Even now, as I write to you, many of the headwinds or risks are in play, particularly looming geopolitical tensions, inflation, and the likelihood of a fourth wave of COVID-19 in the ensuing months. That said, here are three key lessons all of us to learn from the first three months of 2022:
Focus on Asset Allocation and Diversify Optimally
In challenging times (and even otherwise), asset allocation will play a pivotal role. When you ensure a correct mix of equity, debt, gold, and even cash, for that matter, to be held in the investment portfolio, it serves as a strategy in itself to reduce the risk and clock optimal returns. It is akin to the idea of “
keeping eggs in different baskets ” introduced to us early in life.
Fundamentally, it is important to recognize that not all asset classes move in the same direction at the same time. Hence, it is pointless getting swayed and skewing your investment only to hoping equities to earn stellar returns as you did in 2020 and 2021. Given the headwinds in play and the impending intense volatility, tone down and set realistic return expectations.
The other asset classes, viz. as debt and gold (investment avenues therein), may also help your investment portfolio clock net positive returns. So, instead of focusing only on generating alpha through an equity fund, consider tactical asset allocation. Remember,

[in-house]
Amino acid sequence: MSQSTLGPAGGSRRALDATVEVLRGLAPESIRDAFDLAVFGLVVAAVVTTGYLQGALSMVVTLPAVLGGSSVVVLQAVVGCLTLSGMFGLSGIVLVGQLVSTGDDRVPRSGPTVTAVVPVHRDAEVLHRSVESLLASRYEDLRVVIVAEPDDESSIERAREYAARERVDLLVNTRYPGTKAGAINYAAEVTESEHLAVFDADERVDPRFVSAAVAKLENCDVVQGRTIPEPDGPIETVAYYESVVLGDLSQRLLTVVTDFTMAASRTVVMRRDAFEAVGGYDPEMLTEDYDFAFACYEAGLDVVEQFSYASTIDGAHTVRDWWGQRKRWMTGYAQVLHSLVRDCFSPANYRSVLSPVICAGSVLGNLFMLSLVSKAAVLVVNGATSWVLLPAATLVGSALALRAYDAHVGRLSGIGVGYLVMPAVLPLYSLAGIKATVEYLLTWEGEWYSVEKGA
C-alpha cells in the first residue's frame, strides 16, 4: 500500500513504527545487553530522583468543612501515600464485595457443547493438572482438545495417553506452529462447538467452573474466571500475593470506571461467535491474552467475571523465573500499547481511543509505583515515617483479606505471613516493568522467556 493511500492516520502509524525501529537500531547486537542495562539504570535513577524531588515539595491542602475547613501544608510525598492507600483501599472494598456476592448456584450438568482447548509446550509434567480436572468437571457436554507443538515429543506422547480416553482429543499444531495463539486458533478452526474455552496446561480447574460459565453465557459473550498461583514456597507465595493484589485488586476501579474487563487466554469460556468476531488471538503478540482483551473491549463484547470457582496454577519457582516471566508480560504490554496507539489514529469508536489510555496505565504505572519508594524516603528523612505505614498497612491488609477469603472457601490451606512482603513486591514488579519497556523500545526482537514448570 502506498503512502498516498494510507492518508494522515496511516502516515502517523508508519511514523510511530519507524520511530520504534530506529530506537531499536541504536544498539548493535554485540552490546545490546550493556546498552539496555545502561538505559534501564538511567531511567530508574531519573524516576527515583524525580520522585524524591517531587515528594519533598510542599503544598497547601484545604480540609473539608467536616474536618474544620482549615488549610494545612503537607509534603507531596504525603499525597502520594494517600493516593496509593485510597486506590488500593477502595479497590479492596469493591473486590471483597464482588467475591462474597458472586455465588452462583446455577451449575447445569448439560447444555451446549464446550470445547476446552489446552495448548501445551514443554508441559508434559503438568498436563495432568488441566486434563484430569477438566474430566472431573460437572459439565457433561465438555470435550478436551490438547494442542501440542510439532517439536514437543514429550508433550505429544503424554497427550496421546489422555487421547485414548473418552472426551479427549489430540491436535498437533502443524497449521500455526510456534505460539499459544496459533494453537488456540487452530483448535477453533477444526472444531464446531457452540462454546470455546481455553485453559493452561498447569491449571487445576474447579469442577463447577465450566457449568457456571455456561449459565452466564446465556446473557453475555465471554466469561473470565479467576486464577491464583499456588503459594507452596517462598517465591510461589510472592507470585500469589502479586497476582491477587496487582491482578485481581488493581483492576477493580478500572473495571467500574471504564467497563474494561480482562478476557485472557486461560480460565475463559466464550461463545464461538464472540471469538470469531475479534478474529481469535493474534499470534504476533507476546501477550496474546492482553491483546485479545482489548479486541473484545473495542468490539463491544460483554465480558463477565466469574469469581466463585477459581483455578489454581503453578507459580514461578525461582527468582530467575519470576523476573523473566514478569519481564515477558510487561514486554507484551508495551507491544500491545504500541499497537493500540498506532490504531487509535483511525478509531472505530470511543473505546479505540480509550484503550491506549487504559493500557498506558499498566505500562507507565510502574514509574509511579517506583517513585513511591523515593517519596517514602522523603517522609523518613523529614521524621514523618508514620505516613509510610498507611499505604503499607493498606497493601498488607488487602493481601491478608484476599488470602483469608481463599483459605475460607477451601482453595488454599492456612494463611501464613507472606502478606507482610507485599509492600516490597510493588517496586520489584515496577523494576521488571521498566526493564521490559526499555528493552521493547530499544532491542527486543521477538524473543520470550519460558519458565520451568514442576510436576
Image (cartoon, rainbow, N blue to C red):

asset allocation is the cornerstone of investing!
Similarly, diversify your investments within a particular asset. For example, when investing in equities, do not just stick to stocks. Consider investing in a variety of the best equity mutual fund schemes in congruence with your risk profile, investment objective, and time horizon. With the benefit of a professional fund management team, an intelligent investment strategy, and a well-diversified portfolio, investing in mutual funds could be a rewarding experience. Having said that, make sure you diversify sensibly across schemes with unique investment styles in congruence with your risk profile and do not make the mistake of over-diversifying, or else the intended benefit could be watered down.
It is the part of a wise man to keep himself today for tomorrow, and not venture all his eggs in one basket.”- Miguel de Cervantes (a Spanish writer).
Do Not Discontinue Investing, Follow a Sensible Approach
Simply because the equity markets have turned volatile, discontinuing or stopping regular investment is not sensible. Markets, by their very nature, would remain volatile; it is how you take advantage of the volatility or selloffs that decide your investment success.
The history of the equity market shows that despite the overpowering unfavorable events such as the downturn of 2002, the US subprime mortgage crisis of 2008-09, the Dubai debt debacle of 2009-10, later the debt crisis in Greece, the slowdown in China. In 2016, and the crash at the onset of the COVID-19 pandemic in 2020, the Indian equity markets have well bounced back supported by buying activity from investors. This is because India continues to remain an attractive investment destination on the radar of many Foreign Portfolio Investors (FPI), Domestic Institutional Investors (DIIs), and High Net-worth Individuals (HNI). They are exuding confidence in the long-term prospects of the Indian economy, backed by reforms alongside the demographic advantage it offers.